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Organic Furniture And Why We Are Drawn To It

In a past life many, many years ago when I was twenty/twenty-one I started a company that made furniture. The genesis for the business was a brief sojourn in Santa Cruz, California, where I came across a group of people who retrieved old redwood stumps from the surrounding mountains and converted them into organic furniture in multiple forms and shapes.

The entire process was fairly laborious. Usually the stumps were on property that was being cleared for new homes. Given the resilience and durability of redwood some of these stumps were decades old and part of the stump was above ground but a larger part including the root ball generally had to be dug out with heavy equipment.

I befriended a gentleman who had a battery of 6’ chain saws and he and I would then carefully slice these stumps or trunks into slabs. From there I would haul them across country to Virginia and would start the process of analyzing each piece to determine what it would end up being – anything from a clock to a conference table.  Some of these pieces were indeed significant in scope and just the maneuvering/manipulation process were engineering feats….the largest piece I worked on was an 8’ diameter coffee table that a couple in NY built an entire extension of their home around.

The manufacturing process was partially artisanal and partially labor intense…..cutting, planing, sanding and finishing these pieces could often take a month but there was a real sense of satisfaction in taking a product that basically was scrap wood and turning it into a piece of functional sculpture. We were being sustainable and green before the notion of recycling really hit the furniture industry.

I stopped making these tables to pursue new adventures that started with a year of traveling around the world and led to the opening of LaDiff when I was 28 but I was left with an inherent respect for the amount of effort that went into making things by hand and attraction for all things `organic’.

LaDiff morphed over the years into a resource for contemporary design. My travels and our search for great modern furnishings has taken us all over the world visiting some of the most advanced factories that feature things such as 5 Axis CNC routers and robots. We see factories that are so automated that they operate in virtual darkness and the only place that one sees human activity is in control booths and in packing areas. And, we love the freedom that technology has provided for making super-sophisticated products.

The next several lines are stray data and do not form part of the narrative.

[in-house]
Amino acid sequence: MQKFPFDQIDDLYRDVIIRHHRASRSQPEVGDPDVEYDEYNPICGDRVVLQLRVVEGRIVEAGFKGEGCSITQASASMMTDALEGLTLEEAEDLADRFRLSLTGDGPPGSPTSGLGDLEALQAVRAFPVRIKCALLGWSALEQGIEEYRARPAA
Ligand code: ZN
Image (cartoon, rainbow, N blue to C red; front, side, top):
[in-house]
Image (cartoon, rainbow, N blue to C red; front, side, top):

But….we also love the juxtaposition between technology and handwork, between the old and the new, between human endeavor and machines. It is kind of the Yin and Yang of being human – parts of us are rooted in age old craftsmanship using our sweat and basic hand tools and parts of us love harnessing and employing technology.

At LaDiff, we seek out and find `organic furniture’ from many sources. One of our favorite displays at European shows in Koln, Germany and Milan, Italy is by a company called Riva1920 from Cantu, Italy. Riva somehow managed to get a virtual monopoly on Kauri wood from New Zealand. The sheer logistics of unearthing these 40,000 year old trees that weigh up to 50 tons and measure 60’ or more in length are mind boggling. The largest table that we have seen from Riva is 40’ long and 6’ wide – all in one slab. The length of the table is limited not by the size of the original slab but by the container that it has to fit into to be transported to Italy. The sheer mass and extraordinary beauty of the finished pieces is hard to put into words.

Other organic pieces that are more of a scale that we can realistically showcase and sell at LaDiff include `live-edge’ tables from sources like Lyndon in Vermont who make beautiful solid cherry or walnut pieces from glued up planks with the exterior boards showing the free-form edge. New to our showroom is a superb piece from Italian supplier Cattelan who combines technology and natural materials so effectively that the end result is simultaneously coarse and sophisticated. (Spyder Table)

We also are enamored with a company from Latin America who hand-work wonderful Milpa burls that are dug out of the cornfields of Southern Mexico. These unique pieces are all hand cut with huge two-man hand saws.  The resulting pieces are functional works of art.

LaDiff also imports containers directly from Surabaya, Indonesia, of reclaimed aged teak and suarina wood. These lovely pieces include solid slab dining table tops of impressive size, root ball console tables, exotic turned teak balls that are carefully hand-worked and combined with glass tops to make intriguing coffee tables (I still haven’t figured out how they do these) and lovely benches.

I am not sure how much of our/my seeking these organic pieces from all over the world is reminiscence on my part or something ingrained in my psyche that loves the contrast between old and new. For us,  they work so well at LaDiff especially when juxtaposed with more very modern pieces. We truly feel these organic pieces add a warmth and another dimension to our scope of bringing International Furnishings to Richmond and to Virginia.


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